The Myth Of Motivation

The Myth Of Motivation

One of the most frequent questions I encounter in my practice as a Health Coach is about motivation. Whether my clients or even my friends and family, people ask me a lot what is the secret to being motivated to do all that we know we should do and is important to us.

Whatever our goal is, either to lose weight, find a new job, start an exercise routine, learn a new language or improve our marriage, it is often easy to know what we should do in order to achieve it. And even if we don´t seem to know exactly what to do, in this internet era we all have access to vast amount of information which makes it a matter of “Googling” a question to get the answer. “Do you want to lose weight? Top 10 diets that will make you lose pounds within days”, “Problems in marriage? Practical guide to be the perfect wife”, “Entrepreneurship 101: How to launch your own business and not die trying”, and the list goes on, no matter the goal we set, Google will show us the steps to achieve it.

And yet, many people seem to keep struggling to achieve their goals. Why? Well, the problem is not about what we know or don’t know. The problem is about closing the gap between knowing and doing, this is, between knowledge and action. We all have heard the phrase “information is power”, and it is true to some extent; its great conditioning is action. Information is power if and only if it triggers action. And this is where we ask ourselves: How can we go then from information to action?

If this was an easy task, many of the problems we have nowadays wouldn’t exist: We would eat what we know we should eat, we would do the exercise routine we know would keep us healthier, we would seek that job we know is a better fit for us, we would work on that project we know we must finish, we would be the most loving wife we ​​know we are capable of being, etc. The problem is, even when we know what we need to do in order to achieve our goals, for some reason we don´t seem to get into action. We wake up in the morning of that day when we promised we would start taking action, but suddenly we don’t feel motivated. We don’t have the energy to do it, so we say that phrase we’ve all said before: “I’ll start tomorrow”. That’s it, today was a difficult day to start, but tomorrow it will be different. Tomorrow I’ll start, without fail. But the days go by and every morning we wake up again without the motivation to do what we know we should do. Procrastination, anyone?

So the main problem is with the concept we all have about motivation. According to Wikipedia, motivation is “an internal state that activates, directs and maintains behaviour”. Up to here, we are fine. Motivation is that impulse that urges us to take action. The problem is that we think that motivation is a necessary ingredient in taking action, so while we feel motivated, everything goes wonderfully, we do everything we have set our minds to do, but when we lack motivation, we feel confused and discouraged so we decide to postpone the action and wait until we feel motivated again to continue. But motivation is a state of mind – a momentum – temporary and volatile, so it is not constant in time. And this should be fine, because actually motivation is not a necessary ingredient to take action. I love how Mel Robbins – an American writer, expert on the subject – exposes this dilemma on motivation:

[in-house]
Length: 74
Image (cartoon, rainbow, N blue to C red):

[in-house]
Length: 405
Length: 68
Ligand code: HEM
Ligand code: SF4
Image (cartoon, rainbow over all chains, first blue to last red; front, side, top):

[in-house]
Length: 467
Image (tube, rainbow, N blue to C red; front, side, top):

Motivation is garbage. I think we have all fallen into this lie that we have to feel ready in order to change. We have fallen into this complete falsehood that at some point, we will have the courage, at some point we will have confidence and it is a total lie. We all have incredible ideas and what we think is missing is motivation. And that’s not true because that’s not how our brains work. For the simple fact that we are human beings we are not designed to do things that are uncertain, difficult, uncomfortable or frightening. In fact, our brain is designed to protect us from these things. Because the goal of our brain is to keep us alive. And in order to change, in order to build a business, in order to be the best mother, the best wife, in order to do everything we know we want to do with our life, with our work, with our dreams, we’re going to have to do things that are difficult, uncertain or frightening, which sets up a problem for all of us: We will never feel like it. Motivation is garbage.”